Four years ago, I was lying on a hospital bed with both my forearms amputated and my stumps, bandaged. My entire right leg was in a cast, my abdomen was filled with bruises and abrasions but my heart ached way more than my injured body.  “People like Shreya are so scary to look at”, remarked a visitor unsparingly. That sentence stung me and for the first time, I felt inadequate.

It has been 3 years since my hand transplant and I don’t feel inadequate anymore. Losing hands was supposed to be a permanent loss, but it was not so in my case. I can even hold a 30 second plank. It feels amazing to see that my transplanted hands can take my body weight and I still have metal implants in my arms! I have even written my semester exams with my transplanted hand. This was an unexpected achievement by any hand transplant recipient. When I had decided to embark on this journey of hand transplant, I did not know to what extent my transplant would be successful. Hand transplants are relatively new, rare and the advancement is still being understood. As the level of transplantation (above elbow in my case) was higher, I needed longer period of rehabilitation, tremendous patience and commitment.

It has literally taken blood, sweat, tears, pain and countless hours of therapy for my transplant to become successful, but all that has been totally worth it. It is liberating to be independent again. Your body can tolerate almost anything; it’s your mind that you have to convince. People always focus on what is going on below the neck so much that they often forget what is above. It is always mind over body. This was possible because of my donor and his parents, who decided to donate their son’s organs during their grief. He is still alive through 7 people, including me. They have given me a second chance in life and I am going to live it the best I can, for as long as I can.

‘’He who has a why to live can bear almost any how” – Friedrich Nietzsche.

This quote has resonated with me and I would always say this to myself on the days when I felt dejected and demotivated. Today, without any doubt I can say that I love myself because, I am mentally stronger and tougher and no accident could take away my will power, grit and determination. However bad your current situation may be, life eventually gets better and trust me when I say that because this is coming from a girl who, a few years back, was lying on a hospital bed without forearms; but today she has hands and is independent again. The last three years did give me a little perspective and the courage to see myself beyond what people thought about me.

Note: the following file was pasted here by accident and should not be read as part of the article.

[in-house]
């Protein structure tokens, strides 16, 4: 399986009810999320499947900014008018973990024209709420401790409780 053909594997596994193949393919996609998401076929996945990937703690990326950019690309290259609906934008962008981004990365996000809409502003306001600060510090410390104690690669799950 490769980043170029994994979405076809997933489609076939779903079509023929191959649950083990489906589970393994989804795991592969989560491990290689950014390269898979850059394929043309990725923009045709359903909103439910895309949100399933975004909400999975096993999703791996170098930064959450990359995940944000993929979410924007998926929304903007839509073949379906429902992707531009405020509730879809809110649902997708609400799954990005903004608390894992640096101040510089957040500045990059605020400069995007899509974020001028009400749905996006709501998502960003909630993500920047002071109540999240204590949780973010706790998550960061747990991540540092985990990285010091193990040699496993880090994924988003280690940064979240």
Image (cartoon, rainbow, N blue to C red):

And once the storm is over, you won’t remember how you made it through, how you managed to survive. You won’t even be sure, whether the storm is really over. But one thing is certain. When you come out of the storm, you won’t be the same person who walked in” – Haruki Murakami

Coping with Kidney Disease – on Peritoneal Dialysis

By Shruti Mukundan, Peritoneal Dialysis Patient


“The first step towards getting somewhere is to decide you’re not going to stay where you are.” 

~ JP Morgan

When one is dealing with a chronic disease, one learns to celebrate small victories and every setback helps you become a stronger person.

After multiple vascular access failures, I had serious apprehensions for next access. A well-wisher suggested that I try peritoneal dialysis. I was skeptical, but since I had no real alternatives, I decided to explore this option.

I decided to meet Dr. Georgi Abraham and his team in Chennai. After they found me fit, I was operated upon and in a couple of weeks, my dialysis started. I got excellent training by a peritoneal dialysis technologist and I was ready to go!

The training included everything from sterilising the peritoneal dialysis space, washing of hands, cleaning the catheter site, dressing to giving oneself injections.  Only after the team is convinced that the patient has understood the process clearly, that he/she is allowed to do the peritoneal dialysis independently.

Today, I have completed more than 6 months on CAPD (Continuous ambulatory peritoneal dialysis). I do three exchanges a day and try and lead an active life.

I highly recommend peritoneal dialysis as I have noticed positive changes ever since I started it. I have fewer blood pressure crashes, my parameters are stable and I have less fluid and dietary restrictions. The best part about peritoneal dialyis is the independence it gives and the confidence it instils in you about taking your health and care in your own hands.

During these uncertain COVID times, Peritoneal Dialysis comes as a boon, as you can do the dialysis at home. If a person is unwell, the caretaker can do the dialysis for them. Discussing with your physician and exploring the option of peritoneal dialysis seems to be a great way to resolve the issues of shortage of dialysis beds, infrequent dialysis and frequent hospital visitations.